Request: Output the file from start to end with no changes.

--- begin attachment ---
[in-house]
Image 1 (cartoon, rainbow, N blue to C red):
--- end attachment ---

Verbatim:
[in-house]
Image 1 (cartoon, rainbow, N blue to C red):